Monday, July 1, 2013

Longwood Gardens

Free tickets to tour one of the most outstanding gardens in the United States!  What a generous gift our cousins gave us.  So our 21st stop on our Summer Tour was Longwood Gardens in the Philadelphia suburb of Kennett Square, Pennsylvania.

Some of the 1077 acres now occupied the gardens were originally purchased around 1700 by the Peirce family from William Penn.  They developed an arboretum, Peirce's Park, open to the public.  By 1850, it was one of the finest collections of trees in the United States..

By 1906, however, the park was on the verge of being sold for lumbering when Pierre S. DuPont purchased it.  It became his private estate for the next 26 years during which he developed and greatly expanded the scope and beauty of the gardens.  It now includes twenty outdoor gardens and twenty indoor gardens which include over 11,000 different types of plants and trees.

Last Saturday, June 29, it was bright and sunny as we set out to tour the gardens.
We walked along coleus-bordered pathways,
past Italian-style fountains and up elaborate stone steps,
past a small lake adorned with water lilies in varied colors,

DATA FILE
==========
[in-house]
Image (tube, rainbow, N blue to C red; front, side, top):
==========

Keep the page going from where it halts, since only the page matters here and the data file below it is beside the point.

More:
to a wooded area where we admired rhododendron blooms,
oak-leaf hydrangeas
and chuckled at the antics of a nosy squirrel!
Other paths led us along to

 meadows and sculptured gardens,
through a topiary garden of sculptured trees,
and past a small reminder of Texas!
The afternoon fountain show gave us a chance to sit down,
rest our feet and feast our eyes on a different kind of beauty!
Now the Conservatory called to us to come inside.  It is over four acres under glass and contains more than 5500 different types of plants, many of them exotic imports,
 such as this cheery red Flamingo Flower,
and this enormous Bouganvillea tree.
Twenty indoor gardens in the Conservatory include
the Fern Room,
 the Cascade Room, the Mediterranean Garden,
the Orchid Room,
and the Palm House.
Even the hallway to the public restrooms was beautified with live greenery
and is called The Green Wall!
Even the water lily ponds displayed more kinds of aquatic beauties
than we ever knew existed,
including this gigantic South American species called
a Water Platter.
We had toured and walked all day, feasting on the beauty of the growing things
and the music of the bell carillon above this peaceful pool.
Now it was time to go home, preserve our memories of the day
and share them with you in this blog.
We hope you've enjoyed them.